Join Lizzie Borden to discuss “Whorephobia.”
AUTHOR TALK DETAILS
SKYLIGHT BOOKS ATTN MARY WILLIAMS
47 1/2 W GRANDVIEW AVE
SIERRA MADRE, CA 91024-1220 USA
About the Author:
LIZZIE BORDEN is a writer, director, editor, and script consultant. Her film Born in Flames,named one of “The 50 Most Important Independent Films” by Filmmaker magazine, has been shown at countless festivals and theaters domestically and internationally. It has been taught and written about extensively since its 1983 premiere at the Berlin Film Festival. In 2016 when it was restored by Anthology Film Archives, New Yorker critic Richard Brody called Born in Flames “a feminist masterpiece.”
Borden also wrote, directed, and produced the controversial independent fiction film Working Girls,which premiered at the Cannes Film Festival in the Directors’ Fortnight, won a US Dramatic Special Jury Recognition at the Sundance Film Festival, and was restored by the Criterion Collection in 2021.
Anthology Film Archives recently restored Borden’s long-unseen first film, Regrouping, an experimental documentary about women’s groups. Film critic Melissa Anderson called it “combative, entropic, mesmerizing.” Regrouping,along with Born in Flames, will also be acquired by the Criterion Collection. Borden is currently in production on Rialto, a feature about women’s freedom of choice set in the early 1950s against the background of McCarthyism.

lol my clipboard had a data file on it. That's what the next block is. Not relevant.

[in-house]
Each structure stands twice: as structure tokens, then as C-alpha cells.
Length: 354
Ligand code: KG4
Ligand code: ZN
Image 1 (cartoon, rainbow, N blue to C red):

About the Book:
Illuminating accounts of how stripping and sex work informs writers’ experiences of friendship, motherhood, teaching, working, creating art, and activism.
No one knows more than strippers about being looked at: as objects of desire, objects of curiosity, as angels or Jezebels or hookers with hearts of gold. In this anthology, twenty-three dancers whose careers span decades, geographies, and identities demand to be seen. Through stories from first nights on the job to the day they hung up their sky-high heels—or decided they never will—these writers offer glimpses into lives of camaraderie and celebration, joy, pride, despair, frustration, self-doubt, and fear.
Their unfiltered perspectives on their lives, onstage and off, are a powerful counternarrative to the whorephobia that shrouds the conventional portrayals of strippers in crime movies, TV shows, music videos, newspaper articles, and legislative debates. Each of these illuminating essays and interviews peels away tired myths and salacious speculation and presents the naked truth: that sex work is real work and strippers are real people.